Since 1891, California Institute of Technology has produced some of the world's greatest discoveries in chemistry, physics and other disciplines. It has produced 31 Nobel winners with 32 awards, as well as dozens more scientific awards.
Now, to keep pace with technological advances, the 124-acre Southern California campus is constructing three new science buildings and renovating an old one. While Caltech's Nobel laureates and others are addressing abstract theories of nanotechnology and quantum physics, Paul Risko, project manager for Heery International, Inc., has more down-to-earth issues to tackle at Caltech.
"Getting the construction sites prepared on this compact campus ranges from asbestos containment and abatement to re-routing utilities, pedestrian and vehicle traffic, removal of trees — even making accommodations for bird species during construction. It's an ongoing challenge," he said.
The Kavli Nanoscience Institute (KNI) is located in a 1965-built campus facility. While surveying renovation work, asbestos was discovered in the building's floor tiles, ceiling panels and pipe insulation, and lead paint was found on the walls. These materials were found before work began. Heery had to delay the construction schedule while HazMat teams safely removed asbestos from the entire building — two months of full-time asbestos containment and abatement.
The Warren & Katharine Schlinger Laboratory for Chemistry and Chemical Engineering (CCE)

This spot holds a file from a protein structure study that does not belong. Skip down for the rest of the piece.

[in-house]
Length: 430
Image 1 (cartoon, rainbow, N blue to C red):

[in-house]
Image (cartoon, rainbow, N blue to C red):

Automotive and pedestrian traffic were disrupted while a service road was rerouted to a new road and sidewalk area. A delivery entrance to an adjacent building had to be relocated, also.
Utilities there had to be moved, as well as a 42-inch diameter, 100-year-old storm drain that was placed in the footprint area of the new CCE building some 36 years ago for construction of an adjacent building. Its relocation to the east by 125 yards caused another challenge, as the new placement was beneath the graduation commencement site of Caltech and had to be in place, with grass on grade, in time for the June 13 ceremonies. The deadline was met early by the project team.
Heery oversaw the removal and on-campus relocation (by ValleyCrest Company) of multiple mature trees, including sycamore, oak, jacaranda, and other varieties. Some are still awaiting final placement at other sites.
"The relocation was highly coordinated so that it was completed prior to February, the beginning of bird nesting season," said Risko. "Otherwise, the trees would have had to be covered to prevent nesting."
"Also, some existing artwork — originally built in 1995 — had to be removed," Risko added. "As a city of Pasadena requirement, we had to get permission from the original artist prior to demolition. But we were also able to hire the same artist to build a new art piece that will be located near the site."
Completion for all the projects is scheduled for 2009.